Demographics: SCA says it’s proud to cater to a diverse demographic. It tries to be as inclusive as possible and make sure its housing communities are welcoming to all. Tenants include empty nesters, couples, medical workers and people relocating to Cleveland from other places. Sixty-five percent of The Tappan units are dedicated affordable housing for low-income people.
Greenfield or retrofit? Greenfield
Number of units: 95 units
Time to deploy: Approximately 12 months
Date services started being delivered: Snip Internet started providing services in June 2020.
What was the biggest challenge? Convincing customers that Snip Internet, a company they may not have heard of, offers internet with the best speed options and customer service.
What was the most significant success? Ironically, the most significant success was the same as the biggest challenge. Given the quality of speed and customer service, convincing customers that Snip Internet is the best option has been very successful and has not required a heavy lift.
What feedback does the leasing/sales office get from residents? What has the experience taught them about marketing, installing or supporting these services? All feedback SCA receives is positive. Residents especially appreciate that Snip sets up internet before they even arrive, so it is one less move-in worry for them, and they have internet access on day one.
What should other owners consider before they get started on a similar deployment? Make sure that construction plans and the internet service provider’s plans are well coordinated.
Services offered or planned on the network: Snip Internet provides two broadband speeds: 100 Mbps and a symmetrical 1 Gbps service. It also provides wireless service for common areas and the in-house gym.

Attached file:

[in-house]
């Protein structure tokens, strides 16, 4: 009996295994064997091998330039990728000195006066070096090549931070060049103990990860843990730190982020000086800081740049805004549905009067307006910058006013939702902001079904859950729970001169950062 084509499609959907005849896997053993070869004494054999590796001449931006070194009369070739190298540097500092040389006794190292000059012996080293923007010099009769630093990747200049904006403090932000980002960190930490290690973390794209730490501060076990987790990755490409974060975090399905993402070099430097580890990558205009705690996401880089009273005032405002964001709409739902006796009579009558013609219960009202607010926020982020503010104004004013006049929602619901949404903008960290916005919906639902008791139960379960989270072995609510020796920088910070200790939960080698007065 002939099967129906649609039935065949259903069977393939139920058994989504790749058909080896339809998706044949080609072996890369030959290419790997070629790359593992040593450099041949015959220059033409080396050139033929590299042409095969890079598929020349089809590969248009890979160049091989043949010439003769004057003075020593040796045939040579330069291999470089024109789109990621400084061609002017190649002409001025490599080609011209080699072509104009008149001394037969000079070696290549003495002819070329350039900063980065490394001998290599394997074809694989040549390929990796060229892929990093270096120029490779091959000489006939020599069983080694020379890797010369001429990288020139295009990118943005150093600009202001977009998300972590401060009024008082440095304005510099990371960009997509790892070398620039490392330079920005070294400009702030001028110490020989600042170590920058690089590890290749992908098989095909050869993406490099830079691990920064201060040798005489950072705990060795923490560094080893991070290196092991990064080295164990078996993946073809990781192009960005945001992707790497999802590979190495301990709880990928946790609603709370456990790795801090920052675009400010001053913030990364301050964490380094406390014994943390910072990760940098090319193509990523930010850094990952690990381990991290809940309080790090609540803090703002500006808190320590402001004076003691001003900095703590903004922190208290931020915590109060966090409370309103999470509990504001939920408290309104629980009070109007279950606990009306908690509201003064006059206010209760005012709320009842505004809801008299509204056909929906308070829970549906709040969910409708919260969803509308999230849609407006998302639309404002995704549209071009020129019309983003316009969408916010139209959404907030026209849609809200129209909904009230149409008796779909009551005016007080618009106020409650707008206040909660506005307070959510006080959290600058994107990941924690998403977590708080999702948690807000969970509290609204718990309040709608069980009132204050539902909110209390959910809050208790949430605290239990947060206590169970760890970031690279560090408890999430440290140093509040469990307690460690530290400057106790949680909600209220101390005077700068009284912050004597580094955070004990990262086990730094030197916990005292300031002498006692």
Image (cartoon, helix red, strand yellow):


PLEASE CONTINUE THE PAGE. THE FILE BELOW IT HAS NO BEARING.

Provider choice: Snip Internet
Do additional service providers operate separate broadband networks on the same property? No
Is the point of contact for resident technical support the property manager, the service provider or a third party? The service provider, Snip Internet
Which parts of the network are owned by the ISP, and which parts are owned by the property owner? The backbone network, residential access network, and customer premises equipment (CPE) are provided and owned by Snip Internet.
Is there a marketing agreement with the property owner? Yes.
If yes, is it exclusive or nonexclusive? Exclusive.
Does the agreement include an incentive such as a door fee or revenue share? Yes
How do the service provider and owner work together to market the services? SCA offers Snip Internet exclusivity, and Snip provides digital material for residents during the leasing process and move-in.
Is there a bulk-service agreement? If so, what services are included? Can residents upgrade from the bulk services? There’s no bulk service agreement, but Snip Internet is the only internet provider for The Tappan. Residents can choose between Snip Internet’s 100 Mbps or 1 Gbps offering.
Broadband architecture: Fiber from Snip’s backbone is brought into the building’s main distribution frame/intermediate distribution frame (MDF/IDF). Snip installed CAT 6A cabling from IDFs to each apartment unit.
Where is the fiber terminated? At the MDF/IDF using Cat 6A.
Methods for running cables between buildings: The developer provided risers/conduits.
- Calix 844E GigaCenters (subscriber CPE)
- Juniper (EX series Ethernet switches)
Sean Buckley is the editor-in-chief of Broadband Communities. You can contact him at email@example.com.